10 simple principles to reach the client


As a new business owner have you ever wondered how do you reach your client base? As an executive protection agent and security consultant you must find a way to sell safety in a way that a business executive understands. I recently went to a close protection conference in which I spent most of my time networking and taking notes. I listened to the experts and learned also that while I was listening and learning, active listening is a huge part of the business. Active listening does not necessarily mean use your ears. You can listen through body language and the speaker's behavior. This will make you truly understand the speaker's message. So here are 10 ways to reach your client.


1. Find the right person and make your case. The right person is not necessarily the C-suite executives but those that assist the executives. C-suite executives reached the C-suite for a reason. They are too busy to have discussions with everybody so they hire employees for that reason. So you must find the right employee. Consider finding a person that deals with third party vendors. That's where you want to be. You want to be a third party vendor.



2. Time is not always your friend. Things take time including decisions. In the military they have a saying, "Hurry up and wait." Remember your timeline will move at your prospective client's pace. So don't get discouraged and don't be pushy. You want the client to be happy about their decision so let them have the time to make a valuable and informed decision.


3. Don't use scare tactics to make them buy your services. It's easy to tell someone it's a scary world and that they need protection. The truth is, the media makes it a scary world by showing all the scary news. You could show articles on kidnappings, murder, and theft but the truth is thousands of people live their life never being a victim. A scare tactic could either turn off the client or the client laughs at you because they know the reality. So show them the value of your business without scaring them.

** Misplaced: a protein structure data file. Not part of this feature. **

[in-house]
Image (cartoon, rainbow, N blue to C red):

4. Use Data to explain why your company is the best fit. Show Examples and use numbers. Don't tell them necessarily what your services cost but rather what value you can use to better define their numbers. For example, the Zhang Study published in 2015 discusses if a sudden death or illness of an executive to a company happens there is a negative effect on stock prices and returns. Illness alone can lead to gaps in productivity. Just the time allowed for a driver can increase productivity.


5. The never ending debate on hard skills versus soft skills. I heard it best said recently, "Be a diplomat not a door kicker." When dealing with a C-suite executive they don't care how good of shot you are, how many black belts you have, etc. What they do care about is if you'll fit into the company culture. Can you blend in?


6. Know that you or your company will never be on display. The job is not about your company. The job is about the client and the services and value you provide to their company. There is no need for arrogance in the job.


7. Make your mission statement coincide with the client's vision statement. That is part of fitting into their culture. In the day and age of the agile business model a person must adapt to the needs of the business.


8. It's okay to be told No. Don't be the used car salesman trying so hard to make a sale that the no pushes you to be pushy. It will turn off the client. Politely and respectfully thank them and let them know if they need anything they can contact you. Sometimes no means they need time to think about it. Sometimes it means no and that's okay. That's part of business.


9. Dress like the company. If you truly want to blend in and immerse yourself in the company culture you must dress consistent with the company's standards. Sometimes it's a business suit and sometimes it's a more casual environment. Know the difference and blend in.


10. Lastly, don't lose sight of your role as executive protection or consultant. Every company is different. Their lifestyle is not your lifestyle. Be the quiet professional. If you lose sight of your role and you try to become someone that you're really not it can tarnish your image and it can tarnish the reputation of your client or likely your former client.


Good luck with you business and I hope it grows with much success.


Semper Tutum Semper Vigilanti

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